Third Battle of Komárom (1849)

Third Battle of Komárom
Part of the Hungarian Revolution of 1848
Date11 July 1849
LocationKomárom, Kingdom of Hungary
Result Austrian victory
 Hungarian Revolutionary Army  Austrian Empire
 Russian Empire
Commanders and leaders
 Artúr Görgei
 György Klapka
 Julius Jacob von Haynau
 Franz Schlik
 Ludwig von Wohlgemuth
 Feodor Sergeyevich Panyutyin
Total: 43,347 men
- I. corps: 8573
- II. corps: 5925
- III. corps: 7766
- VII. corps: 11,046
- VIII. corps: 5702
- Other units: 4335
180 cannons[1]
Total: 56,787 men
- I. corps: 18,224
- III. corps units: 4923
- Reserve corps: 15,008
- Cavalry division: 4254
- Panyutyin division: 11,672
- Other units: 2706
242 cannons[2]
Casualties and losses
Total: 400/500/800/1500 men[3] Total: 813 men
- 124 dead
- 608 wounded
- 81 missing and captured[4]

The main aim of the third Battle of Komárom was to break through Haynau's blockade. Klapka took over the command of Görgey's army because of Görgey's injury. The Hungarian Government gave an order to the army to advance towards Maros. Görgey didn't follow the command because Haynau's army blocked the way south. The government gave a new order and on 11 July the Hungarian army started to attack the Austrians. New Hungarian troops arrived under the command of Ármin Görgey, and from Bátorkeszi under József Nagysándor.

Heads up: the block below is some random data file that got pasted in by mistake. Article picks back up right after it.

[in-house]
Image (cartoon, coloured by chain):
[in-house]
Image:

The Hungarian army (comprising 58 infantry battalions, 68 cavalry battalions, and 200 cannon) were under the command of Colonel Aschermann, Poeltenberg, Leiningen, Nagysándor and General Pikéthy. The right flank fought with Schlik's army. Although Pikéthy was successful, the Hungarians could not turn this success to their advantage. At Csém there was a fierce artillery fight with great losses. Nagysándor couldn't win against the Austrian cavalry.

The battle finished at 5 pm with the retreat of the Hungarian troops. The Austrians lost 800 men, the Hungarians 1,500. This battle was the bloodiest fight during the revolution. The battle ended with no decisive victory to either side, even though it was the bloodiest of the entire Revolution.

See also


  1. Hermann 2004, pp. 311.
  2. Hermann 2004, pp. 311.
  3. Hermann 2004, pp. 311.
  4. Hermann 2004, pp. 311.


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